Four RCTs on the topic of botulinum toxin A (BoNT/A) as a treatment of HSP were rigorously appraised in a systematical review by Koog et al. (2010). All studies without language restrictions were collected from searches of MEDLINE, CINAHL, EMBASE, and the Cochrane Controlled Trials Register from their inception to June 2008. When the effects of BoNT/A injection were assessed at 1 month or 3 months, it was found that this treatment was not useful for managing HSP, whereas intramuscular NMES is helpful up to 3 months. This review also reported that, although exact mechanisms have not been established in humans, BoNT/A was considered to have an antinociceptive effect that was separate from its neuromuscular blockade activity.
Some later reviews reported inconsistent results concerning the effectiveness of BoNT/A in treating HSP. In a systematic review performed by Singh and Fitzgerald (2011), five RCTs in patients with HSP found that an intramuscular injection of BoNT/A significantly reduced pain at 3-6 months and improved shoulder external rotation at 1 month. The work of Teasell, Foley, Pereira, Sequeira, and Miller (2012) concluded that botulinum toxin injected into the subscapularis muscle could reduce spastic shoulder pain and improve passive range of motion of the hemiplegic shoulder. A review aimed at identifying the effectiveness of therapeutic interventions targeting HSP more than 6 months after stroke was conducted by Viana et al. (2012). Articles published in the English language from 1980 to April 2012 were obtained. Among 10 RCTs, which met the inclusion criteria, three of them were with regards to the use of BoNT/A. Conflicting results were seen in the injection of BoNT/A.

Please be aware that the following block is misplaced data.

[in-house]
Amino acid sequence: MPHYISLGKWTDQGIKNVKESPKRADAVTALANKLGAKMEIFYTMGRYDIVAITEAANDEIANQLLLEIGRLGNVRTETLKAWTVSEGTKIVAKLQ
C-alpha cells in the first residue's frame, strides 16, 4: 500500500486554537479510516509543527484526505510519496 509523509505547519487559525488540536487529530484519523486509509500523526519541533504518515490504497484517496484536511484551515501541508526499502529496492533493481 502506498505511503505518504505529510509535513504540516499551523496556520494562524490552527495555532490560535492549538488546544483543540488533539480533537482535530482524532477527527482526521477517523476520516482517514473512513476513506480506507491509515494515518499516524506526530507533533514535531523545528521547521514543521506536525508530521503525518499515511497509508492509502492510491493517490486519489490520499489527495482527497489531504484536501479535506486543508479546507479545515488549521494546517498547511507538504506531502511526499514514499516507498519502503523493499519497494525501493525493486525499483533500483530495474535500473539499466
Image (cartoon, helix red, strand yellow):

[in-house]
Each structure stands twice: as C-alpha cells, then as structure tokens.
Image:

Chae et al. (2007c) assessed the effectiveness of subacromial corticosteroid injections for the treatment of HSP through a retrospective chart review. This review involved 60 patients with HSP who were treated with a subacromial corticosteroid injection to the affected joint between January 1, 2005, and June 30, 2007. The authors prudently concluded that subacromial corticosteroid injection was associated with a significant reduction in HSP. It is important to note that there were no RCTs in this area, and these are needed to show a cause-and-effect relationship and mle out spontaneous recovery, placebo effect, and other confounding factors. Then, an exploratory, prospective case series study including 10 stroke survivors experiencing HSP with the treatment of subacromial corticosteroid injection during a 12-week period came to a similar conclusion; however, a gradual loss of effect with time was identified in this study (Chae & Jedlicka, 2009). A latest review involved three RCTs focusing on intra-articular glenohumeral corticosteroid injections and one RCT addressing the use of subacromial corticosteroid injections. The efficiency of the use of corticosteroid injections in HSP was noted by the reviewers (Viana et al., 2012).